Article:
People ate more apples last year than ever despite bad publicity about chemicals used by growers and a slight decline in overall consumption of fresh fruit, Agriculture Department figures showed today.
The department's Economic Research Service said that a large apple crop and low prices combined to push per capita consumption to 21.6 pounds in 1989 from 19.87 pounds in 1988.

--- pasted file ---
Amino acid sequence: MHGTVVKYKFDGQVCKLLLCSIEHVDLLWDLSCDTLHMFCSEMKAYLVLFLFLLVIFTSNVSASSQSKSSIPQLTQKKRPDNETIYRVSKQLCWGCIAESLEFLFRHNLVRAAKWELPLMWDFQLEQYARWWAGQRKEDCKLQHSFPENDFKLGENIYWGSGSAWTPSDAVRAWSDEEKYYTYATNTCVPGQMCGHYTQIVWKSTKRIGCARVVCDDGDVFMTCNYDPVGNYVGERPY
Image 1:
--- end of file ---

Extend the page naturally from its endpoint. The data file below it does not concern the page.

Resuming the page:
"Bananas and apples continued to be the two most popular fresh fruits in the United States," the service said.
Overall, fresh fruit consumption dropped 2% last year to an average of 96.6 pounds per person.
Apple growers feared the worst in March, 1989, when the Natural Resources Defense Council said that apples treated with Alar increased the risk of cancer in children.